Another PFT technique that has been used in studies of preschool children is forced oscillometry (FO), which measures the total respiratory system impedance (Zrs) across a spectrum of oscillation frequencies [52]. Zrs is composed of resistance (R) and reactance (X). At lower frequencies, the latter reflects the viscoelastic forces of the lung. Several studies using FO have shown that preschool preterm children have elevated R and decreased low-frequency X, therefore demonstrating that lung function is worse in children with a history of BPD [51, 53].


Lung Function in Older Children and Adults Born Prematurely


Many studies of lung function have been conducted in older children and adults born prematurely. Most of the information on long-term lung function in survivors of BPD has been derived from preterm infants born before surfactant treatment was available, or studies are limited to selected populations of children who had severe pulmonary disease as neonates. Study results often reflect the outcome for children with “old” BPD and may not reflect physiological findings in children who received modern neonatal care or who have “new” BPD [54].


Spirometry Results


Spirometric values reflecting airflow are consistently lower in survivors of BPD at any age compared to controls born at term; those with BPD have substantial airway obstruction and alveolar hyperinflation [2, 5558]. In most studies [2, 57, 59, 60], the mean forced expiratory volume in 1 s (FEV1) values in those with BPD range from normal to values indicative of significant airflow limitation, reflecting the heterogeneity in the functional expression of the disease. These data should be interpreted with caution, however, since they are not generally applicable to the whole population of survivors, and especially not to those with new BPD or mild neonatal pulmonary disease. Patients who were born prematurely but did not have BPD usually fare better [61], but they too may have airflow limitation at school age [2, 58, 59, 62] and into adolescence and adulthood [3, 63, 64].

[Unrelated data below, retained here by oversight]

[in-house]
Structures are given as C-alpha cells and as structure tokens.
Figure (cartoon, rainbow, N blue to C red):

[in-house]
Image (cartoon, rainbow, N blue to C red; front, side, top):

Lung Volume Measurements


Air trapping has been reported in premature children with BPD [6567] secondary to obstructive airway disease, impaired alveolarization, and/or abnormal lung growth or injury. In contrast, normal FRC has also been reported in former preterm adolescents with BPD [63]. The presence of residual lung function abnormalities, mainly airflow obstruction and progressive static hyperinflation, raise the question as to whether chronic lung disease of infancy may ultimately affect pulmonary aging, leading to the development of chronic obstructive pulmonary disease (COPD) [68].